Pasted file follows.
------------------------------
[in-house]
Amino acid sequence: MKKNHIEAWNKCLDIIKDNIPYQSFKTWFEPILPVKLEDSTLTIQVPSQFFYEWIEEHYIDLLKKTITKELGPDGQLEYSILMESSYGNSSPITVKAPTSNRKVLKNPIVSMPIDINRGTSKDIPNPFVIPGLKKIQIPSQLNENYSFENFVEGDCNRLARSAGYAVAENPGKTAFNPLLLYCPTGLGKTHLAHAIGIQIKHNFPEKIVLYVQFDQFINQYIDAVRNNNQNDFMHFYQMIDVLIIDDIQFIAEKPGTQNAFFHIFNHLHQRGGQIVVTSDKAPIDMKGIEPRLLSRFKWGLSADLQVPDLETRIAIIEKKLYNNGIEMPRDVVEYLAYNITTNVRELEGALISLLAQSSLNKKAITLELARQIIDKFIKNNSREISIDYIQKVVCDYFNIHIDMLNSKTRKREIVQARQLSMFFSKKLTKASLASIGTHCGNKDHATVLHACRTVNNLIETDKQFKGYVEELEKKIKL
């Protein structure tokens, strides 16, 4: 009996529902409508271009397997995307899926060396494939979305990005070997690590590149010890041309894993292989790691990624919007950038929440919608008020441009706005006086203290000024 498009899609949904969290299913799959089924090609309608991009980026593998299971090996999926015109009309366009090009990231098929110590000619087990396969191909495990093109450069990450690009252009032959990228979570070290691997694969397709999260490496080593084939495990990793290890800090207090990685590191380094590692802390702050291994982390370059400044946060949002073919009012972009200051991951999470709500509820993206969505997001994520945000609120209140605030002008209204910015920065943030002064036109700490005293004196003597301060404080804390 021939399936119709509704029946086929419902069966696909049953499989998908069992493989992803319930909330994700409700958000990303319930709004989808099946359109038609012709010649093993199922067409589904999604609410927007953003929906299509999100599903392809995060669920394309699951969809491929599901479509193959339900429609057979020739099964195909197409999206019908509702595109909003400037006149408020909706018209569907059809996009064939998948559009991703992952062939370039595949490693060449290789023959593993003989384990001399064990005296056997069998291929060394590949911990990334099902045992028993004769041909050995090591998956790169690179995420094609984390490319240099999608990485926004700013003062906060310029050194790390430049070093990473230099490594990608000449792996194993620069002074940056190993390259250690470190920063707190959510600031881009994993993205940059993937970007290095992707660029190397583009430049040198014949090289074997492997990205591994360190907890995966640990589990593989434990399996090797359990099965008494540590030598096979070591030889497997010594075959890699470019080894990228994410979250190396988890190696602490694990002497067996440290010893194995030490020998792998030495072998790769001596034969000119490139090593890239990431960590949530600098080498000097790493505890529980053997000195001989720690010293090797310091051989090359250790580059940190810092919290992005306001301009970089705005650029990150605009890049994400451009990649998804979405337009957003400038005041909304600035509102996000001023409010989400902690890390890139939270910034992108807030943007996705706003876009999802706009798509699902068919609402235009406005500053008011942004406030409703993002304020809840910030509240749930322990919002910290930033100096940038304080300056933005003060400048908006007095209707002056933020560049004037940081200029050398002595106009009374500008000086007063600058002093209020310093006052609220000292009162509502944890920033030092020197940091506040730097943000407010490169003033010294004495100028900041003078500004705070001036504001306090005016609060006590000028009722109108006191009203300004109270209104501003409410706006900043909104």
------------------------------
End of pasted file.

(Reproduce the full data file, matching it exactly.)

[in-house]
Amino acid sequence: MKKNHIEAWNKCLDIIKDNIPYQSFKTWFEPILPVKLEDSTLTIQVPSQFFYEWIEEHYIDLLKKTITKELGPDGQLEYSILMESSYGNSSPITVKAPTSNRKVLKNPIVSMPIDINRGTSKDIPNPFVIPGLKKIQIPSQLNENYSFENFVEGDCNRLARSAGYAVAENPGKTAFNPLLLYCPTGLGKTHLAHAIGIQIKHNFPEKIVLYVQFDQFINQYIDAVRNNNQNDFMHFYQMIDVLIIDDIQFIAEKPGTQNAFFHIFNHLHQRGGQIVVTSDKAPIDMKGIEPRLLSRFKWGLSADLQVPDLETRIAIIEKKLYNNGIEMPRDVVEYLAYNITTNVRELEGALISLLAQSSLNKKAITLELARQIIDKFIKNNSREISIDYIQKVVCDYFNIHIDMLNSKTRKREIVQARQLSMFFSKKLTKASLASIGTHCGNKDHATVLHACRTVNNLIETDKQFKGYVEELEKKIKL
């Protein structure tokens, strides 16, 4: 009996529902409508271009397997995307899926060396494939979305990005070997690590590149010890041309894993292989790691990624919007950038929440919608008020441009706005006086203290000024 498009899609949904969290299913799959089924090609309608991009980026593998299971090996999926015109009309366009090009990231098929110590000619087990396969191909495990093109450069990450690009252009032959990228979570070290691997694969397709999260490496080593084939495990990793290890800090207090990685590191380094590692802390702050291994982390370059400044946060949002073919009012972009200051991951999470709500509820993206969505997001994520945000609120209140605030002008209204910015920065943030002064036109700490005293004196003597301060404080804390 021939399936119709509704029946086929419902069966696909049953499989998908069992493989992803319930909330994700409700958000990303319930709004989808099946359109038609012709010649093993199922067409589904999604609410927007953003929906299509999100599903392809995060669920394309699951969809491929599901479509193959339900429609057979020739099964195909197409999206019908509702595109909003400037006149408020909706018209569907059809996009064939998948559009991703992952062939370039595949490693060449290789023959593993003989384990001399064990005296056997069998291929060394590949911990990334099902045992028993004769041909050995090591998956790169690179995420094609984390490319240099999608990485926004700013003062906060310029050194790390430049070093990473230099490594990608000449792996194993620069002074940056190993390259250690470190920063707190959510600031881009994993993205940059993937970007290095992707660029190397583009430049040198014949090289074997492997990205591994360190907890995966640990589990593989434990399996090797359990099965008494540590030598096979070591030889497997010594075959890699470019080894990228994410979250190396988890190696602490694990002497067996440290010893194995030490020998792998030495072998790769001596034969000119490139090593890239990431960590949530600098080498000097790493505890529980053997000195001989720690010293090797310091051989090359250790580059940190810092919290992005306001301009970089705005650029990150605009890049994400451009990649998804979405337009957003400038005041909304600035509102996000001023409010989400902690890390890139939270910034992108807030943007996705706003876009999802706009798509699902068919609402235009406005500053008011942004406030409703993002304020809840910030509240749930322990919002910290930033100096940038304080300056933005003060400048908006007095209707002056933020560049004037940081200029050398002595106009009374500008000086007063600058002093209020310093006052609220000292009162509502944890920033030092020197940091506040730097943000407010490169003033010294004495100028900041003078500004705070001036504001306090005016609060006590000028009722109108006191009203300004109270209104501003409410706006900043909104």